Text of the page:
abandoned-towers-at-ny-state-pavilion-panorama-1Flushing Meadows NY State Pavilion

Last month’s reopening of the New York State Pavilion, hosted by the Parks Department, gave the public a rare glimpse into the historical grounds of the Tent of Tomorrow. The iconic towers directly adjacent to the site, however, remained closed. For those looking for a new perspective—or a bit of an adventure—on landmarks that we all can identify but don’t really know, it becomes clear that you’ll have to do the climbing yourself. 


Designed to accommodate the 50 million visitors of the 1964 World’s Fair, the three levels of observatories can be accessed through a stairway rising up the central column of the superstructure. It becomes evident after the first missing stair that, although the towers are structurally sound, they have been recipients of decades of neglect since the Fair’s close.


With nothing to vertically compare to the 226 foot towers for miles around, the view from the top observation deck  is unchallenged and breathtaking, offering a unique panorama of New York’s skyline from the periphery. Remnants of human activity from graffiti tags to used condom wrappers are scattered about the site, but the most intriguing (and tempting) of all is a makeshift ladder strung together with wire and wood planks wrapped with electrical tape that bridges a 20-foot gap to the highest level. Here, in what seems to have once been a maintenance floor, the sense of exclusivity rings truer than ever; this part of the tower has never been accessible to the public.


The topic of the Pavilion’s preservation has become a contentious point of debate in recent years, but has gained wider public support. Contrary to some misconceptions, though, the site is officially protected by New York State and National Historic Registers, so the current issue pits restoration advocates against those who would rather see the funds spent elsewhere. Preservationists have been pushing for restoration for decades, citing several issues with the structural integrity of the towers as some of the primary concerns for safe access, including the ruined elevator system, rotting staircase, and the aviation warning light atop the towers.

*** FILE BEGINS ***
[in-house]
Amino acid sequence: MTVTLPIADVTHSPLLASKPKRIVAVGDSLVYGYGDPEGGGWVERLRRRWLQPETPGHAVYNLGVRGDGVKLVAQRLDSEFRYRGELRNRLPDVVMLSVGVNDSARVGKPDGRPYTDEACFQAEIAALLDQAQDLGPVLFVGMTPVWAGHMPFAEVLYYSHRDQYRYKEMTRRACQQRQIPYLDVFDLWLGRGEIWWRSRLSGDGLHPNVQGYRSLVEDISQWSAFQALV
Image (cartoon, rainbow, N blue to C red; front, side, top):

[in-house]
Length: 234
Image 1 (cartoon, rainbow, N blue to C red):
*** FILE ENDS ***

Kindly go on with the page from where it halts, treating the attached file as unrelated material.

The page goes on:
Even without official preservation, the towers remain an attractive destination for explorers and locals alike, and they will be visited regardless of what the Parks Department will do to keep the site boarded up. With the right funding to match the steadfast support, the towers could once again become cultural amenities, generating both community pride and potential revenue for the park. For now, these emblems of yesterday’s tomorrow remain in limbo.




Check out our photos inside the Abandoned 1964 World’s Fair Pavilion. You can learn more about hidden places in NYC and abroad at thisisnotreale.comOr you can talk cities, photography, and biking with Nick on his Twitter.